- Northern Safety News & Information
- Health and Wellness
- Safety Industrial News
- Safety Products
- Fall Protection
- First Aid
- Protective Clothing
- Traffic Safety
- Head and Face
- Work Safety Tips
- Disaster Preparedness
- Infectious Disease
Protect workers against wasp, hornet, and bee stings
Working outdoors means coming into contact with all kinds of insects. At best, stings can cause pain and irritation, and at worst, an allergic reaction. It is important for workers to understand how to avoid being stung, know where to locate a first aid kit, and help treat fellow workers who have been afflicted by an insect sting. Consider the following information from the Centers for Disease Control (CDC).
Hornets, wasps, and bees are often attracted to flowery perfumes or soaps, so workers who spend a great deal of their time outside should refrain from using fragrant products before coming to work. Products that have a banana odor are particularly appealing to these insects.
Lightly-colored clothes that cover as much skin as possible are best for avoiding bee stings and other attacks. Human sweat and oil can attract these insects, so workers need to be sure to wear clean clothes and bathe daily.
Bees and hornets are attracted to the pollen that flowers produce, so it is a good idea to avoid working near flowers whenever possible. Wasps, on the other hand, are predators, and they are attracted to garbage and the remains of human food. Make sure to clean up all work areas after meals to avoid attracting these pests.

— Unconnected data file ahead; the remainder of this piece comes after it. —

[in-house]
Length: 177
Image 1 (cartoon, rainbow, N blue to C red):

When attacked by bees, hornets, or wasps, get to safety as quickly as possible, as bees release a chemical that attracts other bees when they sting. Shaded areas are better for escaping these insects than open areas. If possible, run indoors and close the door. If you are driving and discover an insect inside, you should slowly stop the car and roll down all the windows to let it escape. Never jump in the water to avoid a swarm of bees or hornets, because some species may stay above the surface and continue to sting when you come up for air.
The CDC estimates that around 100 people die each year from allergic reactions to bee, wasp, and hornet stings. Workers who know they have these allergies should carry an epinephrine auto injector (EpiPen) and a medical signifier, such as a bracelet, necklace, or card, that contains information about their condition whenever they work outdoors. If workers do get stung, have someone stay with them to watch for any allergic reactions.
The area where the sting occurred should be washed with soap and water before attempting to remove the stinger. Do not attempt to remove it with tweezers or by squeezing the wound. Instead, run a clean fingernail or gauze from a first aid kit over the sting to draw the stinger out.
Ice can be applied to a recent sting to help reduce swelling. Refrain from scratching or picking at a sting so that it doesn't become further irritated or infected.
Bees, wasps, and hornets are an inevitable part of any outdoor environment. Employers should keep all the necessary safety supplies on hand to treat stings and practice safety protocol with their workers so that they know what to do when someone has an allergic reaction.